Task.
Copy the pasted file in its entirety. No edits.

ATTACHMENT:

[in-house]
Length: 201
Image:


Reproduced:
[in-house]
Length: 201
Image: